Gay students at Christian school write on experiences

Lesbian, gay and bisexual students at Gordon College, a non-denominational Christian school in Wenham, Massachusetts – a school the Equality Ride visited this spring – have written about their experiences living a closeted life at the school in a new magazine put together by students (PDF).

In If I told you eleven LGB students have written about what it is like to live as lesbian, gay or bisexual in a closeted environment while at a Christian school. They speak of religious struggles, pains of having friends reject them, the fear of rejection and struggles with parents, romance and the everyday happenings of life.

In particular, one story stuck out in my mind and I think it shows a lot of what kind of problems occur when a person isn’t free to be honest with family or friends. In this story, a young man speaks of rape and being assaulted and not telling anyone about the instances because of his fear of what may happen to him:

A fellow student calls me a girl.

Students smirk and whisper as I walk by.

I turn red as the guys on my floor call someone a “f***ing queer.”

Someone compares my love to a cat… a cat.

I sink lower in my seat as a professor argues that the Bible is unequivocal on the issue of homosexuality.

Professors blame the disintegration of the Anglican Church on me.
so, i tell my parents i’m gay.

The first thing they ask me is if I’m dying of AIDS.

The next thing they ask me is if I hate God and Christianity.

“Don’t worry, I still love God and am a Christian.”

“Oh. Please don’t tell Grandpa, he votes against homo rights. Or Grand¬ma, she’s too sweet. Or Uncle John. Or Aunt Mary. Or the kids, they are too young. Actually, please don’t tell any¬one; it would embarrass us. And what about that nice girl friend of yours back at school; have you tried dating her?”

Right. Great idea: “Excuse me, al¬low me to use you as a cure for my ho¬mosexuality. It’s my parents’ idea and God’s plan.”

so, I meet a guy.

No one has ever taught me how to date a guy; they don’t write Christian self-help books about that to stock in the Gordon College Bookstore.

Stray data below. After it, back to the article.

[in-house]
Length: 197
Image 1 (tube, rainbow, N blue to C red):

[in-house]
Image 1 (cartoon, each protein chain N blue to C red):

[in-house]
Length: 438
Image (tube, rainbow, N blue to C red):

He attempts to rape me.

I don’t report it for fear of what the administration, my friends, or my fam¬ily would say.

I am attacked by anti-gay assailants but don’t tell my friends out of shame. They wouldn’t think I was a man. They would say it was my own fault.

Or, perhaps worst of all, they would pity me. They would say I need a cure, a Christian solution, or extensive coun¬seling.

I cry myself to sleep wish¬ing I were straight; wishing I were accepted by my friends, my family, my school, my faith.

Trust me, this is not a choice. This is who I am.

And everyone has taught me to hate me.

but i won’t hate myself. God doesn’t.

God knows that I am not immoral, that I am not out to ruin the Church or the Christian faith, or American soci¬ety, or this college.

God knows that I am just looking for the same thing everyone else is: a little love in a cold world.

I won’t find that love in my family, my friends, my school, my church, or some random guy.

That love comes from God and is the only thing I have left to hold on to. Don’t try to take it away from me. You can take away my self-esteem and my dignity; you can kick me out of church and deny me rights; you can physically beat me or call me names; you can laugh at me and you can pity me; but you can never, never take away my God.

Or I will no longer be human.

Check out the entire magazine and eleven writings here at

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